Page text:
The levels of antisemitism do vary from place to place. Some institutions have taken unambiguous moral stands. Fordham University in New York City refused to recognize a Students for Justice in Palestine chapter, reckoning that its advocacy of a boycott of Israel would "clearly conflict with and run contrary to the mission and values of the university." The presidents of Notre Dame, Brandeis, Yeshiva University, Baylor, the University of Massachusetts and the State University of New York were among the recent signers of a statement that said "We stand together with Israel against Hamas." The Hanover, N.H., police recently arrested a couple of students after Dartmouth's president complained about their threatening "physical action" to advance their demand that Dartmouth divest from "Israeli apartheid," according to a report in the Dartmouth, a student newspaper.
The market failure relates less to prospective students applying to colleges and more to the students and faculty members already stuck in places that are hostile. There the issue has to do with the exit costs. Students can transfer, but filling out a whole new round of applications for admissions and financial aid is a hassle. Tenured professors, like law firm partners, sometimes make lateral moves, but transferring research grants and laboratories can be practically complicated. Some of the institutions with the worst antisemitism problems are also prestigious and well-funded.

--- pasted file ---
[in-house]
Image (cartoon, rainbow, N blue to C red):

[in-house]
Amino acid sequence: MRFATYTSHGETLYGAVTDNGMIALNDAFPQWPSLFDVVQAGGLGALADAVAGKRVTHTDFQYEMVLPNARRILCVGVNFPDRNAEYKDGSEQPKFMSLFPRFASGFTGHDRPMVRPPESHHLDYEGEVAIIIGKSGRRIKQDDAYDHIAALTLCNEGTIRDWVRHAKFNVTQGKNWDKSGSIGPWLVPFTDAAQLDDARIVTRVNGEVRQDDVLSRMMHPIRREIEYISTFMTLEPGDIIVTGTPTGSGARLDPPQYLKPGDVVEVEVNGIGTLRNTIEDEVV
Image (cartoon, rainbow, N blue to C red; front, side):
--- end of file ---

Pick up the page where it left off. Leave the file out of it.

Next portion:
Congress could make it easier for students and faculty members to escape pervasively hostile campuses by passing a law. Let students who find the campus antisemitism intolerable leave immediately with a full-year refund of tuition, room and board, and let them take their four-year financial-aid packages with them to a new destination. Let professors who want out also leave at the end of the semester, and let them take their endowed professorships, research grants, intellectual property, and graduate students with them to new institutions. Make clear that the destination institutions could include both Israeli universities and colleges (where American families can already use their tax-exempt college savings accounts) and newly created American institutions such as the University of Austin ("Bari Weiss University"). Report the departure numbers publicly to embarrass the institutions, and bar them from filling the student seats with the infinite number of foreign students whose money also helps insulate the American universities from accountability.